The list of gray iron castings shown in Fig. 165 is followed by that for malleable iron, steel, brass, and bronze castings, and these by the list of forgings (see Fig. 166), specifying materials, and lastly by the list of purchased parts and materials. As these lists are quite similar for the several machines, as for instance, a series of lathes differing principally in the size, the matter may be nearly all printed. Materials from which forgings are to be made may be briefly marked thus: WI wrought iron, CS cast steel, TS tool steel, etc.

Size, 5« × 8« in. Color, White.

Fig. 164. Size, 5« × 8« in. Color, White.

Size, 5« × 8« in. Color, White.

Fig. 165. Size, 5« × 8« in. Color, White.

The blank shown in Fig. 167 will include bolts, nuts, washers, cap, gib and set screws, sheet brass and steel, brass tube, square and round cold rolled or drawn machine steel, tool steel, and similar stock.

Size, 5« x 8« in. Color, White.

Fig. 166. Size, 5« x 8« in. Color, White.

Size, 5 « × 8« in. Color, White.

Fig. 167. Size, 5 « × 8« in. Color, White.

The first assistant superintendent will have made out the order to the foreman of the foundry for gray iron castings on the form in Fig. 168. The blank is perforated down the center. The right-hand portion is torn off and sent to the foundry. The other half is used to check the number of pieces and weights as the castings are received. Their weight will be added to the material card.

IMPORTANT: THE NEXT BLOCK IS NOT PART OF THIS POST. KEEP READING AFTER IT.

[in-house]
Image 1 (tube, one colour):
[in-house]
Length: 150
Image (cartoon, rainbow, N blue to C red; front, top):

The requisition for forgings is Fig. 169. This is filled out in duplicate, the first half being retained to check receipts of forgings upon, and the second half is sent to the foreman of the forge shop as his authority for doing the work, for which stock will habitually be stored in the forge shop, having been delivered in bulk by the storekeeper and charged. It is to be checked on forgings delivered, each lot bearing its proportion of waste according to the job and stock used. A special account of this stock is kept by the storekeeper, charging additions and crediting with forgings turned out.

The requisition for materials is Fig. 170. This is filled out in duplicate and sent entire to the storekeeper, who retains the first half and sends the second half with the materials, where they are ordered by a note at the bottom of the first half. He fills in the costs for the guidance of the foreman to which it is sent.

The requisition for purchased parts, parts that are purchased in a finished or nearly finished condition for use, is Fig. 171.

Before the job starts in the shop a stout card is prepared to receive the costs of material and labor expended upon it. The front of this card is shown in Fig. 172. The card has a list of the usual materials given in one column, while the other is left blank for the other articles used. The weights, number of pieces, and the cost, as shown by the storekeeper's invoice received with the articles, is also written in by the foremen. The back of card shows an account of the time spent on the job as provided for in Fig. 173.

This time account the foreman obtains from the employees' job cards, registered in the time clock as hereafter described. This material and cost card will go with the work from one department to another, receiving its additions of material and labor account as it passes along, and furnishing, when the job is completed, a correct material and labor account of the work, and is turned in to the cost clerk.